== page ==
How the No Confidence Motion on the Lankan PM is now reflected...

How the No Confidence Motion on the Lankan PM is now reflected on the President


Three days after the drama of the No Confidence Motion (NCM) against Prime Minister Ranil Wickremesinghe, President Maithripala Sirisena who almost wanted his PM’s head on a platter called resignation is now singing a very different tune.

No longer is he (reluctantly and for want of an option) herding his Sri Lanka Freedom Party (SLFP) members towards a magnet – the former President Mahinda Rajapaksa’s new party, the Sri Lanka Podujana Peramuna (SLPP) in the hope of political survival.

Sirisena, rather chameleon like as he has proved to be in the past three years, has now changed course in planning a political survival till the 2020 Presidential and parliamentary elections.

Having till the 11th hour being hostile to Wickremesinghe, Sirisena is now riding on the wave of the Premiers victory, days after relieving him of key institutions he was responsible for just before the latter was to face former President Mahinda Rajapaksa’s Joint Opposition sponsored NCM.

On March 29 President Maithripala Sirisena, issuing an Extraordinary Gazette notification removed the Central Bank from the purview of the Ministry of National Policies and Economic Affairs (which Wickremesinghe was in charge of ) and returned it to the Ministry of Finance, along with the Security and Exchange Commission of Sri Lanka which was transferred to the Ministry of Finance.

The fact that President Sirisena chose to remove from Wickremesinghe’s custody, the key institutions he was responsible for at a time when the latter was to face an opposition sponsored NCM, was seen as a telling point that Sirisena and his SLFP is giving tactical support to the NCM.

However now it is obvious that Sirisena wants the PM to have political amnesia and embrace the nearly crumbled unity alliance (including the SLFP Ministers and MPs who voted with the JO for the NCM).

After a breakfast meeting with editors Friday Sirisena was quoted in the local media Saturday as declaring that coalitions were ‘the only way forward’ for Sri Lanka as no single party would be able to secure an absolute majority.

“Hot on the heels of the defeat of the No-Confidence Motion against the Premier, President Maithripala Sirisena yesterday invited all Members of Parliament to extend their support to strengthen the Government to usher rapid development in the interest of the country and people,” the Daily FT newspaper in Colombo reported.

“As the President, it is my responsibility to strengthen the Government in the best interest of the country and the people and not weaken it. I am well aware of the future challenges. Whoever (MPs) is keen to support this cause I extend an open invitation to join the Government and help in the development of the country,” Sirisena was further quoted as saying.

Reportedly, the setting up of a joint committee by the SLFP and UNP has been discussed between the President and the PM in talks held so far, to strategize priority areas to keep the national unity government in motion and action.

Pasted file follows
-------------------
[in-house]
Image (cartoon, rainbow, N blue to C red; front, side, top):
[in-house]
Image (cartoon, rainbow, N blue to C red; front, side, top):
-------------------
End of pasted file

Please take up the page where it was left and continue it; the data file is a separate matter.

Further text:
A major cabinet reshuffle is expected just weeks after the last one.

The perennial challenge is how Sirisena’s SLFP which is a centre left party, can begin to see eye to eye with the liberal right wing United National Party (UNP) which Prime Minister Ranil Wickremesinghe heads, when, ever since the political marriage between the two parties on January 2015 these ideological differences have affected policy making and stalled development projects that has been undertaken on behalf of the country.

Several decisions made by the Prime Minister had been reversed by the President including the one on the leasing of the Hambantota port to China (the President had objected to the first agreement forcing the government to sign a revised agreement), giving the contract to build the Colombo port eastern terminal to two India companies.

Meanwhile President Maithripala Sirisena has warned that the UNP MPs’ move to adopt no confidence motion against select SLFPers (who voted with the JO against the PM) could push the coalition partner towards the Joint Opposition members. Thereby the Prime Minister has informed the UNP group to withdraw the No Confidence Motion (NCM) against the rebel SLFPers stating that no formal party decision had been taken to submit a NCM against them. However, giving a dramatic twist to the saga, the SLFPers who wanted the NCM against the Premier to be passed in parliament and voted for this cause, have now appealed for the President to remove them from their ministerial positions.
The SLFP members have made this request in a letter sent to President Sirisena who is also head of the SLFP.

President Sirisena meanwhile has pointed out that if the UNP brings No-Confidence Motions against SLFP Parliamentarians, it would lead to the SLFP uniting with the Joint Opposition to garner the needed 113 MPs to form a Government under former President Mahinda Rajapaksa. President Sirisena has further admitted that he would be compelled to allow such a move.

Whether such an event actually takes place or not, the overall end result of the NCM against Prime Minister Ranil Wickremesinghe is the defeat not of the Joint Opposition which moved it, but President Sirisena whose indecision and lack of consistency have reduced his SLFP to a pathetic state, in which its members are threatening to flee to the party of his arch rival Mahinda Rajapaksa.

For Rajapaksa who failed last week to get the NCM against the PM passed in parliament, this defeat may be interpreted by his party as a stepping stone to keeping the SLFP divided until 2020 when the next Presidential and Parliamentary elections are due.